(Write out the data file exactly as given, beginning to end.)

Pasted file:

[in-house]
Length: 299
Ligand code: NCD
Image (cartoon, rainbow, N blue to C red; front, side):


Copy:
[in-house]
Length: 299
Ligand code: NCD
Image (cartoon, rainbow, N blue to C red; front, side):